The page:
We are studying the concept of grace as Peter explains it in his first epistle. When he talks about grace, he is referring to two things:
- God's work throughout the ages to save man's soul through Jesus Christ, the preaching of His gospel and the work of His church.
- The effect that this salvation has had on those who have been saved.
This epistle concentrates more on the effects of salvation because the gospels have already described God's work through Christ to save man. So far in our study Peter says that the effect of grace (salvation of one's soul) is seen in several ways:
- Security - People are no longer afraid of death and condemnation or an angry God.
- Sobriety (not under the influence of sin) - More holy living, respect for God, Christian love and spiritual mindedness.
- Submission - Knowing one's place in God's plan and not rebelling against it.
In the following section, Peter will add a fourth effect of grace on one's individual life: suffering. Before developing this idea however, he takes a pause and describes how grace affects Christians as a group.
Grace and the Church - I Peter 3:8-12
So far Peter has been explaining how grace affects the individual. What should a person who is not a Christian see when they look at a person who has experienced grace? Peter explains that they should see signs of a person who feels secure, lives a sober life and is in submission to God and those over him.
In addition to this, Peter says that grace also affects these people as a group (we call the church) because this group will interact with itself, the government, society and other families in a much different way than those groups who have not been touched by the grace of God.
Peter explains that difference in the next few verses:
8 To sum up, all of you be harmonious, sympathetic, brotherly, kindhearted, and humble in spirit;
The group that has been touched by grace has certain noticeable features:
- Harmony - Same minded, of one mind, not in division or conflict
- Sympathy - Sharing the feelings of others
- Brotherly - Kind, brotherly kindness
- Kindhearted - Compassionate (especially for those outside)
- Humble in spirit - Not proud or self-centered
9 not returning evil for evil or insult for insult, but giving a blessing instead; for you were called for the very purpose that you might inherit a blessing.
The true spirit of Christ lives among them in that they turn the other cheek when wronged and seek peace rather than winning at all cost. Peter says that the motivation for offering a blessing is that Christians are the only ones that have blessings to look forward to, so they, as a group, can offer them now.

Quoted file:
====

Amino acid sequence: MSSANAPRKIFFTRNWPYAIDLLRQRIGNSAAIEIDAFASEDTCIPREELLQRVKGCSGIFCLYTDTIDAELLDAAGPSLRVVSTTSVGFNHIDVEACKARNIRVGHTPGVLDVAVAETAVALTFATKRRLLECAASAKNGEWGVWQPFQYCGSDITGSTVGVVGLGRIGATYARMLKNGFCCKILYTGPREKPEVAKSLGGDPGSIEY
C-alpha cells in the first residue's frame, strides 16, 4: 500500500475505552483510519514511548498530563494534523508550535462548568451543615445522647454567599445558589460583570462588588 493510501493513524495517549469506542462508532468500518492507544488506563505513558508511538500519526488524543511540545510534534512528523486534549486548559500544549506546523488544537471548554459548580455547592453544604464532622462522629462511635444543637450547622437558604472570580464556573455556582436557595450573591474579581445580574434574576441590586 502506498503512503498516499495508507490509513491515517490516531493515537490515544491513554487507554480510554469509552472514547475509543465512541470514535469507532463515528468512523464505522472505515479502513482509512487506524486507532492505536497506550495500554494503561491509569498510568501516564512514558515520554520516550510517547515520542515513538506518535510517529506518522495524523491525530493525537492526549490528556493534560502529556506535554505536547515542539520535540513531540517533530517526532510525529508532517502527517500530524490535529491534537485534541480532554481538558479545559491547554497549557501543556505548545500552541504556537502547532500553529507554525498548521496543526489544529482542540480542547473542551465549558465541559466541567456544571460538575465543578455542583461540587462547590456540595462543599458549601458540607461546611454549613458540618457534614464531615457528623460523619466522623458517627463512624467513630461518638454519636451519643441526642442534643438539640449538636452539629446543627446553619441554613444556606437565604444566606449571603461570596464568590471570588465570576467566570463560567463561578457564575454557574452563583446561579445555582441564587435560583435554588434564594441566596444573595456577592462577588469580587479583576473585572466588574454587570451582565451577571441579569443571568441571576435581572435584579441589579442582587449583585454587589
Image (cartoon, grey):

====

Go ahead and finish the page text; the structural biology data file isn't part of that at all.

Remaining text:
"The one who desires life, to love and see good days,
Must keep his tongue from evil and his lips from speaking deceit.
11 "He must turn away from evil and do good;
He must seek peace and pursue it.
12 "For the eyes of the Lord are toward the righteous,
And His ears attend to their prayer,
But the face of the Lord is against those who do evil."
This is a quote from Psalm 34 and Peter uses it to remind them of two things:
- Much of the behavior he mentions before is possible if one is able to control and use his tongue properly and avoid evil practice. Evil speech leads to evil deeds, and evil deeds destroy peace and harmony. This is not a mark of grace.
- God blesses the group that acts in harmony, sympathy, brotherly love, etc., but he punishes and works against those who speak evil and do evil.
He uses this last idea (God blessing the good and punishing the evil) to open up his fourth meaning regarding grace, that grace may mean suffering.
In the Sermon on the Mount, Jesus says that His disciples are blessed (happy) if they suffer on His account or because they are pursuing what is right (Matthew 5:10-12). Peter echoes this idea now when he refers to the suffering experienced by those who have received grace. Grace doesn't necessarily cause suffering, but those who experience grace often experience suffering because of their faith, and Peter refers to this kind of suffering (persecution) now.
He says that at times grace does mean that Christians have to suffer and, when they do suffer persecution, they should remember several things about this experience:
1. Don't be Afraid
13 Who is there to harm you if you prove zealous for what is good? 14 But even if you should suffer for the sake of righteousness, you are blessed. And do not fear their intimidation, and do not be troubled,
The harm is not physical harm but spiritual harm. The enemies of right can only kill the body but cannot take away a believer's "life." Grace gives us the power to not be afraid of wrong and of those who oppose God.
2. Don't be Quiet
15 but sanctify Christ as Lord in your hearts, always being ready to make a defense to everyone who asks you to give an account for the hope that is in you, yet with gentleness and reverence; 16 and keep a good conscience so that in the thing in which you are slandered, those who revile your good behavior in Christ will be put to shame.